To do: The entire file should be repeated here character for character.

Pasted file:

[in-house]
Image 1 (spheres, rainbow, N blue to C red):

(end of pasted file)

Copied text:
[in-house]
Image 1 (spheres, rainbow, N blue to C red):